By Mike Wagoner

N.C. Governor Roy Cooper wants to invest $20 million for infrastructure improvements at Radio Island that would prepare the site to become a prime contributor to the emerging offshore wind energy industry. We’ll see in the weeks ahead whether the General Assembly wants to go along.

This deal has lots of tentacles. Many are beneath the surface. Proceed with caution.

The territory on Radio Island being reviewed in an Environmental Impact Statement (EIS) encompasses 154 acres of vacant, undeveloped ports-owned property, mostly land lying on the west of side of Marine Road that runs the length of the island.

The EIS does not encompass the public beach access or the bulkhead at the south end of Radio Island that is owned by the U.S. Department of Defense. Nor does the review include marinas and condominiums at Olde Towne Yacht Club, or the town houses at Inlet Cove at Radio Island, all located on the eastern shore of the island.

Ms. Laura G. Blair, vice president of administration and external affairs for the N.C. State Ports Authority has stated, “The EIS is predicated on the potential for a multi-use terminal, suitable for different uses including auto manufacturing supply chain activities as well as offshore wind supply chain support.”

The yet-to-be-identified ports project, if it materializes, could bring hundreds of high-wage permanent jobs to the area, predicts the North Carolina Department of Commerce.

“The EIS will take approximately 12-18 months to complete,” Ms. Blair said. “Along the way, there will certainly be opportunities for the public to learn more…as well as voice opinions about potentials.” Let’s hope and pray the ports authority takes the high road this time.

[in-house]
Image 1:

When Carteret County’s former economic developer first presented the opportunities associated with serving the offshore wind energy industry from Radio Island in 2019, concerns were raised about “lessons learned.” Jennifer Allen of the North Carolina Coastal Federation said Don Kirkman of the Carteret County Economic Development Council (now retired) offered that he had received some assurances from the ports people that matters “will be handled differently than controversial port projects of the past.”

Ms. Allen reminded her readers: “The State Ports Authority has faced stiff public opposition to previous proposals to develop facilities to handle or process liquefied natural gas, ammonia and sulfur at the Port of Morehead City, and criticism over its lack of transparency regarding its plans, a pattern spanning decades.” She reported that Mr. Kirkman said the ports authority wants to make “an effort to be more proactive and transparent about the development of Radio Island.”

The ports people need to do just that. Job creation is an important consideration for sure, but it does not trump environmental preservation and protection. The value of our region’s water-based economy is priceless. Carteret County is first and foremost a tourism destination, and the ports people need to “get it.”

Ms. Allen said that Mr. Kirkman acknowledged that earlier attempts to bring economic development projects to the port and to Radio Island, specifically, were controversial, “because the proposed use involved the handling of a commodity that was deemed dangerous or an environmental threat.” There was quite an uproar by “sulfurious” residents as well as second-home owners when it was revealed in 2011 by the Carteret County News-Times that the Canadian company PCS (PotashCorp of Saskatchewan) had plans to build a sulfur-melting plant at the state port on the Morehead City waterfront.

The project, which would have included two 125-foot smokestacks and storage facilities, would have brought 18 new jobs to the area and about $300,000 a year in property taxes for Morehead City and the county, said the company spokesperson at the time. Gov. Beverly Perdue finally stepped in and Potash retreated.

Now, looking ahead: Receiving offshore wind components, staging them, assembling and fabricating them, storing them and then shipping them out to the wind farm locations off the coast near Kitty Hawk and Bald Head Island may not pose any serious environmental threats. So, would it not behoove the ports authority to state their case to put everyone’s mind at ease?